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  1. #26
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    ^that Kipling was observant, and used his observations in his prose & poetry.

    I googled "wee willy winkie" and turns out that it's an old Scottish poem. But I was partially correct that Kipling used it in his short stories. It was the nickname of a boy, whose name was Percival William Williams. Funny how that name stuck my mind, but not rhe title of the short story.

    Women of different species use cunning, if not brute strength, esp to protect their young or territory.

    My mom's female dog growls whenever her husband/lover (the male dog) comes near her pups. Perhaps she thought that the father/male dog would eat her pups. Have seen this 2x - she's had 2 batches of pups. I wonder if our male dog knew that those pups were his kids, and if the pups knew that he was their dad.

    As to female humans, I'll say that generally what we lack in strength, we'll.use cunning. I've been watching Game of Thrones. Bronn, a sellsword, said to Jaime Lannister that he fidn't think Tyrion poisoned Joffrey (the king), because poison is a woman's weapon. True enough, the poisoning of Joffrey was plotted by Lady Olenna Tyrell (together with Littlefinger).

    In another case, Cersei killed her enemies by wildfire. She didn't use strength, but used a chemical as well, albeit an explosive one. Daenerys uses her dragons to force people to submit to her and "bend the knee".

    Back to Victorian men & sexism, even Charles Darwin remarked that women were inferior to men. But then during those times, females had less opportunities available to them. They weren't allowed in universities, no right to vote or hold public office, etc.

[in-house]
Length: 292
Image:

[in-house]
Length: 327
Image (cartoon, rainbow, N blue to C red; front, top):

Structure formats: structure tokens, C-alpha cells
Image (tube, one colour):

2. #27
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    Then there's Marilyn vos Savant who had her IQ recorded at 228...

  3. #28
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    Monty Hall Problem:

    The Monty Hall problem is a brain teaser, in the form of a probability puzzle loosely based on the American television game show Let's Make a Deal and named after its original host, Monty Hall.

    The problem was originally posed (and solved) in a letter by Steve Selvin to the American Statistician in 1975. It became famous as a question from a reader's letter quoted in Marilyn vos Savant's "Ask Marilyn" column in Parade magazine in 1990:

    "Suppose you're on a game show, and you're given the choice of three doors: Behind one door is a car; behind the others, goats. You pick a door, say No. 1, and the host, who knows what's behind the doors, opens another door, say No. 3, which has a goat. He then says to you, 'Do you want to pick door No. 2?' Is it to your advantage to switch your choice?"

    Vos Savant's response was that the contestant should switch to the other door. Under the standard assumptions, contestants who switch have a 2/3 chance of winning the car, while contestants who stick to their initial choice have only a 1/3 chance.

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